Separating Plot Lines

It’s no big surprise that I am still struggling with the middle of my WIP.  It seems no matter where I go with it, I dislike it, scrap it, then write something else (usually some maudlin poetry) just to keep the fires lit.  This vicious cycle has gone on for a few months now.  Needless to say, I am tired of it.

Angel Orchids

Being the determined person that I am, though, I refuse to give up.  I’m fully invested int his project and I cannot just let it go.  I’ve been doing a lot of thinking and reading and I think I may have come up with a solution.  I generally write in a linear fashion, creating the manuscript as I go. (Even though I have already know the ending, I haven’t written it yet.  It’s only documented in long-hand notes.)  I do this because it gives me a sense of clarity.  One day, I discovered this nice little feature of Scrivener which I never fully utilized before:  You can write out a chapter entirely in scenes.  Okay, admittedly, I have paid more attention to the writing than the finer points of the software I use, but that’s for another post.

This nifty feature, when selected in the compilation, will print the scenes in the chapter AND it allows for easy reorganizing.  Earlier this week, while rewriting a recent scene, the lightbulb went on: write the plot lines separately, then worry about weaving them together later!  What I’ve come up with is simple.  I created a folder called Plots.  Within this folder are the sub folders containing the main plot and the subplots.  Within those will be the scenes that formulate the individual plot lines.

I think, after all is written out, these scenes can be moved into chapters and weaved together more effectively.  I can also fine tune each plot without having to search for it within the chapters.  I’m hoping that this approach will offer me the clarity I need to survive the middle of my WIP and bring the project to fruition.

I have high hopes that this will get me back on track!  I’ll keep you posted.

-AH

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Post Writers’ Conference Hitch

Oh my goodness.  How am I supposed to get back to normal?  Attending my first writers’ conference in early May was a dream come true.  Really.  I learned so much more than I ever thought I would.  There is one little hitch though.  Now, I over-analyze everything I write.  Every sentence, practically every word.  It’s starting to get in the way of the plot because I am focussing too much on the words and structure.

So, exactly how am I supposed to get back to normal?  I mean, every time I write a few sentences, I start to think that they aren;t punchy enough or I have used the same word too many times or the structure isn’t right.  I am even finding myself fixing previously written text to accommodate what I learned at the conference.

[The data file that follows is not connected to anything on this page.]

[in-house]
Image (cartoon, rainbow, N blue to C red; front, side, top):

Am I just over-editing?  Will I return to normal soon?  What am I supposed to do if all I think about is how mundane my writing must be?  Oh the conundrum!

As usual, writing things out, especially issues I have, seems to help me come up with solutions.  My first thought is to get back to writing and worry about the editing later.  Somehow I have to trust that my story is more important right now than which words I choose and how many times I use a word.  This has always been difficult for me, but now, trying to add in the nuances I learned about at the conference, is making me crazy!  Not to mention, the “Doubt Monster” is really tearing at what little confidence I have in my own writing abilities.  I almost feel as though I cannot write at all.

OK, ok, stop whining and practice not editing. See how that works out.  Hopefully I can return to some normalcy in my writing soon.

(also posted on She Writes)

Perfectly Placed Eye Lashes

I have a distinct appreciation for make-up, eye make-up to be exact.  I can get drawn in by the flawless application of color and lashes.  I look closely at the details. I focus on the closeups to see how the color was applied, where the shadows are, and how the lashes blend into the eyeliner.

smokeyeye1What has all this talk about eye make-up got to do with writing?  Nothing, on the surface; but if you think about it, it’s the same as writing a great story.  You draw your readers in with the flawless application of plot and characters.  Your readers will fall into the perfection of the scenes.  As a writer, I read other authors closely.  I scour the details, focus on the events, how the action is applied, and how the subplots blend into the main theme.  The meat of the story is in the details. It’s how I learn to write better.  It’s how I understand the structure.  The finishing touches, the satisfaction of the ending, reminds me of perfectly placed eyelashes.

Kaua`i Writers’ Conference – A Retrospect

This past week-end, I was thrilled to be attending my first writers’ conference!  I’ve been to many conferences, but never one devoted to writing, my craft of choice since I was a child penning my first poem.  I looked forward to three full days of talks from authors, agents, and editors.  Not knowing what to expect, I just wanted to learn from these people who had somehow successfully navigated the process of writing and publishing their work.  I wanted to know everything.

Because I live on Kaua`i, it’s difficult to find anything more beautiful than being on the beach here.  Unless you want to take in the gigantic rugged mountains, or the lush valleys.  But, it really doesn’t matter to me where a conference might be held as long as the presentations are relevant.  Of course, it doesn’t hurt that the beach is a close view from the conference room and the tropical breezes are wafting through the open air dining room at lunch. It’s what people expect in Hawai`i.

I can’t say enough about the organizers and hotel staff.  From start to finish, the service was seamless, and the presentations were definitely relevant.  I am amazed at the amount of information I absorbed.  I had an excellent first experience.  I never imagined I would have all my questions answered or that so many others had the same questions that I had!  Writing is a solitary business up until the time you set out to publish, so we forget there are others out there creating their own works of art.  That in itself makes attending a writers’ conference worthwhile.  But having first class presenters talking about everything you ever wanted to know but didn’t know HOW to ask, well, all I can say is, “Priceless.”  Yes, that may be cliché, but it is certainly true.